Most often, Primakov’s father is remembered by the name of the most famous Soviet literary critic and TV screen stars of the sixties and seventies of the last century, Irakli Luarsabovich Andronnikov. A cautious literary critic was afraid to admit a illegitimate child, but he could not leave his mother to fend for himself. This explains the urgent move of Anna Yakovlevna to Tbilisi, where the secret father could support her through his Georgian relatives. They say that Irakli Andronnikov secretly took care of his unrecognized son until the end of his life. Otherwise it is impossible to explain such a rapid career as a son of a single mother, which in itself was a serious minus in the biography of people of that time.
In 1944, Primakov was enrolled in the Baku Naval School, and in 1946, Yevgeny was expelled from him for health reasons. It is clear that there is no information about what happened to the seventeen-year-old boy. He returned to Tbilisi in two years, in 1948, to enter the Moscow Institute of Oriental Studies at the Department of Arabic Studies. After graduation, Primakov was accepted into the graduate school of the economics department of Moscow State University, which was a rare success for a provincial without ties. He graduated from the graduate school in 1956. And luck again.
Primakov was hired by the editor of the Middle East broadcasting as a radio correspondent. This is not only a prestigious and highly paid position, but also the ultimate dream of many Soviet people - regular trips abroad. On radio, Primakov worked for nine years, joined the CPSU and rose to the position of head of the broadcasting department in the countries of the Arab East. Apparently, at about the same time (this is still a mystery covered in darkness), his cooperation with KGB intelligence begins.
In parallel with the work, Primakov arranged his personal life. He married Tbilisi-born Laura Kharadze (in the 1951 year), who bore him a son, Alexander, and a daughter, Nana. Also, Evgeny Maksimovich became his in a narrow circle of influential international affairs reporters. In 1962, he moved to the central organ of the Soviet press, Pravda, where he was accepted as an international columnist for the Middle East. It was after this point that a part of his messages began to go off to the press, and to the Central Committee, the Foreign Ministry, the KGB under the heading "Secret." Such cooperation was the elevator that lifted Primakov to career heights. In the 1970 year, he was appointed deputy director of the Institute of World Economy and International Relations (IMEMO), and this is not just the nomenclature, but the nomenclature of the Central Committee! The institute was engaged in the development of the foreign economic policy of the Party Committee; Brezhnev’s reports on international economics were written there, that is, responsible and important work was done for the highest party body. At the same time, Primakov got acquainted with Alexander Yakovlev, the “architect” of perestroika, at that time the head of the ideological department of the Central Committee, who subsequently contributed a lot to the rise of Yevgeny Maksimovich.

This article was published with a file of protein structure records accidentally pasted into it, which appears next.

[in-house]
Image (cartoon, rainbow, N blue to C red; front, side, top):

In 1977, Primakov headed the Institute of Oriental Studies, and in 1979, he was elected a full member of the Academy of Sciences in Economics. And although his works in this area (except for graduate students) are unknown, he received his academic life annuity. Under Andropov, Yakovlev, then director of the IMEMO, took Primakov to himself, and after leaving the Central Committee for Gorbachev, he left at the head post (in the 1985 year). By 1989, the sixty-year-old Primakov was already at the very top. He was elected a candidate member of the Politburo and Chairman of the Council of the Union of the Supreme Soviet of the USSR. In this difficult and crucial time for the rulers of the country, Yevgeny Maksimovich demonstrated brilliant abilities to adapt to any regime. Opponents of Primakov accused him of failing missions in Baku in the 1990 year and during Iraq’s attack on Kuwait. Disoriented after returning from Foros, Gorbachev, frantically trying to strengthen his position, appointed 30 of September 1991 of the year to Yevgeny Maksimovich head of the First Directorate of the KGB. Later he also took the position of head of the Foreign Intelligence Service. Yeltsin, who replaced Mikhail Sergeyevich, left Primakov in such an important post.